Legendary guitar maker files for bankruptcy. Here's what that means for music.

The maker of the Gibson guitar, omnipresent for decades on the American rock `n' roll stage, is filing for bankruptcy protection after wrestling for years with debt.

Gibson guitars have been esteemed by generations of guitar legends. After Chuck Berry died, his beloved cherry-red Gibson guitar was bolted to the inside of his coffin lid. David Bowie favored the 1989 Gibson L4 when he fronted Tin Machine. Slash swears by them.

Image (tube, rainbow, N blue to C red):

A pre-negotiated reorganization plan filed Tuesday will allow Gibson Brands Inc. to continue operations with $135 million in financing from lenders.

Gibson was founded in 1894 and is based in Nashville, Tennessee. It also makes the Epiphone and Wurlitzer pianos.

The company has already sold off some noncore brands, acquisitions that contributed to its burdensome debt load.

USA Today reports that Gibson plans to continue designing and building musical instruments, but will get rid of its Gibson Innovations unit, which makes electronic accessories and listening devices.

Gibson’s chief executive tells the Wall Street Journal that the process should be “virtually invisible to customers.”